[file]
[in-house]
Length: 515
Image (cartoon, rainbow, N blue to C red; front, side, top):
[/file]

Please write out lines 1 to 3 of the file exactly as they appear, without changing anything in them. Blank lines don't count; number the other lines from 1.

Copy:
[in-house]
Length: 515
Image (cartoon, rainbow, N blue to C red; front, side, top):